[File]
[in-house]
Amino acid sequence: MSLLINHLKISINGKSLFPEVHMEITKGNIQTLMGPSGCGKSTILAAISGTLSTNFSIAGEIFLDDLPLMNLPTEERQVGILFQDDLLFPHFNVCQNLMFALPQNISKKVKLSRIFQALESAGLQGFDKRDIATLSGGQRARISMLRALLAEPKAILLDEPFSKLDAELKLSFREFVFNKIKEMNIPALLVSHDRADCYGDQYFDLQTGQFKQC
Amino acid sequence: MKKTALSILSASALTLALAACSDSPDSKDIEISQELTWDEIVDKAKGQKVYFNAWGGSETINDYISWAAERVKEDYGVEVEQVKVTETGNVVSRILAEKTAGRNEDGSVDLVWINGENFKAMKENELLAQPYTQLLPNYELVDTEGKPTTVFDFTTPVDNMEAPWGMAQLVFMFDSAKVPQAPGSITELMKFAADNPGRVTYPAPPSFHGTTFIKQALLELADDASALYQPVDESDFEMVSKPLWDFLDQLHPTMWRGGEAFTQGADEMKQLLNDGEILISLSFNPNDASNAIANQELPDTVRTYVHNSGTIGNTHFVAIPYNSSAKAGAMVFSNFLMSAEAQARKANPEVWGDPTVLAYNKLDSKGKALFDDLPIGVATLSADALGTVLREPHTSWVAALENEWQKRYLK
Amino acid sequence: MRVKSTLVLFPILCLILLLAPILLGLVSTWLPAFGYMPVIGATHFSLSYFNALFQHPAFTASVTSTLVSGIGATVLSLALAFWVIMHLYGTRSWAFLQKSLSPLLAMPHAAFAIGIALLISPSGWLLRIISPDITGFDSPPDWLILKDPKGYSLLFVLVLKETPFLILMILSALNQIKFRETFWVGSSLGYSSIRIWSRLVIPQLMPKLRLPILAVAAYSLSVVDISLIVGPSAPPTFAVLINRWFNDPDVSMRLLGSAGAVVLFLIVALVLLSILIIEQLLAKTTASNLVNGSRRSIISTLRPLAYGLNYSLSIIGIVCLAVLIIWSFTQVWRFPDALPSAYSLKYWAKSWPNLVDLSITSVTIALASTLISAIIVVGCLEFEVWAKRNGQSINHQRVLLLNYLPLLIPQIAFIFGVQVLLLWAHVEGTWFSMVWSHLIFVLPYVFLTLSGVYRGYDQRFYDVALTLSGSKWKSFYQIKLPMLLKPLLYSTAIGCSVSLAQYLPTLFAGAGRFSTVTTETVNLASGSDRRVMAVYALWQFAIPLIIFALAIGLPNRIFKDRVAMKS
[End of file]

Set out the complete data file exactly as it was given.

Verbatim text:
[in-house]
Amino acid sequence: MSLLINHLKISINGKSLFPEVHMEITKGNIQTLMGPSGCGKSTILAAISGTLSTNFSIAGEIFLDDLPLMNLPTEERQVGILFQDDLLFPHFNVCQNLMFALPQNISKKVKLSRIFQALESAGLQGFDKRDIATLSGGQRARISMLRALLAEPKAILLDEPFSKLDAELKLSFREFVFNKIKEMNIPALLVSHDRADCYGDQYFDLQTGQFKQC
Amino acid sequence: MKKTALSILSASALTLALAACSDSPDSKDIEISQELTWDEIVDKAKGQKVYFNAWGGSETINDYISWAAERVKEDYGVEVEQVKVTETGNVVSRILAEKTAGRNEDGSVDLVWINGENFKAMKENELLAQPYTQLLPNYELVDTEGKPTTVFDFTTPVDNMEAPWGMAQLVFMFDSAKVPQAPGSITELMKFAADNPGRVTYPAPPSFHGTTFIKQALLELADDASALYQPVDESDFEMVSKPLWDFLDQLHPTMWRGGEAFTQGADEMKQLLNDGEILISLSFNPNDASNAIANQELPDTVRTYVHNSGTIGNTHFVAIPYNSSAKAGAMVFSNFLMSAEAQARKANPEVWGDPTVLAYNKLDSKGKALFDDLPIGVATLSADALGTVLREPHTSWVAALENEWQKRYLK
Amino acid sequence: MRVKSTLVLFPILCLILLLAPILLGLVSTWLPAFGYMPVIGATHFSLSYFNALFQHPAFTASVTSTLVSGIGATVLSLALAFWVIMHLYGTRSWAFLQKSLSPLLAMPHAAFAIGIALLISPSGWLLRIISPDITGFDSPPDWLILKDPKGYSLLFVLVLKETPFLILMILSALNQIKFRETFWVGSSLGYSSIRIWSRLVIPQLMPKLRLPILAVAAYSLSVVDISLIVGPSAPPTFAVLINRWFNDPDVSMRLLGSAGAVVLFLIVALVLLSILIIEQLLAKTTASNLVNGSRRSIISTLRPLAYGLNYSLSIIGIVCLAVLIIWSFTQVWRFPDALPSAYSLKYWAKSWPNLVDLSITSVTIALASTLISAIIVVGCLEFEVWAKRNGQSINHQRVLLLNYLPLLIPQIAFIFGVQVLLLWAHVEGTWFSMVWSHLIFVLPYVFLTLSGVYRGYDQRFYDVALTLSGSKWKSFYQIKLPMLLKPLLYSTAIGCSVSLAQYLPTLFAGAGRFSTVTTETVNLASGSDRRVMAVYALWQFAIPLIIFALAIGLPNRIFKDRVAMKS